Breakfast is the fastest-growing daypart in foodservice, and as more full-service restaurants aim to capitalize on the trend, operators are taking a page from their quick-serve counterparts’ playbook.
Americans today are constantly on the go. As time for cooking dwindles and delivery options increase, more and more consumers are choosing to eat their restaurant food away from the restaurant. During traditional breakfast hours, this typically means the customer is on his or her way to work.
To meet the need for more portable food, operators and suppliers are increasingly designing breakfast menus with off-premise occasions in mind, particularly for weekday meals. Consumers want dishes that not only taste good, but are also easy and convenient to eat during the morning rush.
Handheld items and breakfast bowls are two options that meet this need.
A Smucker® Trends Brief reports that sandwiches are the third most popular breakfast entrée on menus, behind egg dishes and breakfast starches. Breakfast bowls—another highly portable option featuring potatoes, eggs and other ingredients—are of interest to 32 percent of consumers, according to Mintel’s Restaurant Breakfast and Brunch Trends. Since customization is also on trend, restaurants can leverage these channels to reach more consumers for their functional weekday breakfast needs.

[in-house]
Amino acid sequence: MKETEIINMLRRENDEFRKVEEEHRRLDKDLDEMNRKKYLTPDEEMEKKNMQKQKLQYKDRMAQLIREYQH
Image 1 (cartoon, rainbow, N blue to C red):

As off-premise breakfast opportunities grow, offering customizable options and signature, easy-to-eat breakfast dishes can help boost sales, attract new customers, and engage existing customers in a new experience. In fact, the breakfast space has never been more fun, and some high-end chefs consider it the next frontier. Flavors that were once confined to the depths of the dinner menu—spicy, herbaceous, succulent—have come out to play on breakfast menus nationwide. Ethnic flavors, plant-based proteins, and new cooking techniques like sous vide are also giving classic dishes a fresh twist.
For example, the Smucker Trends Brief also reports specialty breads like ciabatta and brioche create the perception of high quality for consumers; breakfast sandwiches featuring doughnuts, pancakes, waffles and French toast as the “bun” make a decadent sweet and savory breakfast handheld; and ethnic flavors can add zing and interest to lighter, healthier versions of classic breakfast dishes. Condiments and sauces like pico de gallo, soy sauce, pesto, mustard, ranch dressing, and hot sauces have also made themselves at home on breakfast menus. Operators should study current trends closely to determine which best fit with their ethos and branding efforts.
Although consumers have plenty of choices in terms of where to source breakfast handhelds, the convenience of drive thrus is ranked higher than all other occasions. Smucker reports that convenience also influences 57 percent of patrons to purchase their breakfast handheld as a takeaway item from a limited-service restaurant. Slightly fewer consumers (56 percent) purchase handhelds when dining in. With more than half of all customers purchasing these items, operators who don’t have a breakfast option may want to reconsider. Operators should also make the ordering experience itself as painless as possible. This may include offering a dedicated line or kiosk for mobile orders, or curbside delivery service in the morning.
With today’s busy lifestyles, easy-to-eat, portable, low-mess breakfast options are both a practical and profitable way for restaurants to differentiate their brands.